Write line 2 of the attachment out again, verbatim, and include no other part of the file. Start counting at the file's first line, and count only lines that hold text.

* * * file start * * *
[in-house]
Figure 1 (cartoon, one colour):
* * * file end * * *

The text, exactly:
Figure 1 (cartoon, one colour):